Three Things to Keep in Mind
First: not all growth is good growth. When effectiveness is measured only by numerical growth, we make the fatal mistake of assuming that just because something grows rapidly, it is doing so under the blessing of God. All gardeners and physicians know this: rapid growth doesn’t necessarily mean good, healthy or desired growth.
Second: the process of making disciples is a long, slow, and often painful one. A disciple is one who is actually willing to walk the path of the Teacher, in this case, Jesus. That path leads to the cross, a place of utter aloneness and excruciating pain.
It is at the cross that the question must be asked and answered: Will I be a person of forgiveness and reconciliation, no matter what the cost, so I can go all the way to the resurrection?
Most will say no. It’s not fun anymore at that point. It’s no longer bells and whistles and loud music and video screens and constant movement and distraction.
Discipleship takes place in those moments when we are called to be still, to know that God is God, and to be able to say with the great man of old, that poor, beat up Job, “Even though He slay me, yet I will praise Him.”
Third, unless we address the deep and expensive structure of The United Methodist Church, we are doomed to follow the consumerist model. But the cost to maintain our current structure leads us to think we have no choice. And a place of no choice opens the door to the sin-compromised state where the ends are worth the means.
If we are going to go forth and do what we are called to do, then it is time to completely re-examine what holds us together.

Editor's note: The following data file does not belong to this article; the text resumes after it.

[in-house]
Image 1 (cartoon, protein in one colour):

When I entered into this church, I was drawn to two primary areas: the expansive, inclusive, wide grace-infused theology and the power of being a connectional church. Our theology turns us toward God and showers us with grace. Our connection turns us toward one another in covenant relationship. In covenant, we may pass that grace around, support one another as necessary and together live out the daily challenges of being disciples of Jesus.
Consumerism means that those who know little of grace, little of deep sacrifice, little of the challenges of picking up our crosses daily, call the shots.
I look at the money that was spent to pull off the show we call “General Conference” this past year and weep. Every need had to be catered to. It appeared on occasion that the least gracious hijacked the floor and engineered the direction of the Conference. The displeased consumers, i.e., delegates, kept threatening in one way or another to take their business elsewhere.
The administrative arm of the church, which should be there to enhance the work of the local discipling community, instead pulls giant amounts of money out of the offering plates each week and month. It loads upon local clergy and congregations, that place where the work of discipleship takes place, impossible-to-decipher forms and strangling requirements for minutely detailed reports that are never looked at except to determine how much money to squeeze from them the next year.
The world laughs and says, “You have nothing useful to say.”
But we do. Yes, we do. We have the Gospel.
And yes, we must address the crisis. But it is much deeper than numbers and noses.
Let us answer the primary question first: “What IS a disciple of Jesus Christ?”
Then we can ask: “How can our forms of worship, gathering, instruction, connection and structure actually aid in the process of shaping those disciples?”